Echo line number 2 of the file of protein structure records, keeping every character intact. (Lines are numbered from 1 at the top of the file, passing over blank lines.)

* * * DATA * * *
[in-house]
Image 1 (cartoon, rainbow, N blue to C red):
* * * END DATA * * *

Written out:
Image 1 (cartoon, rainbow, N blue to C red):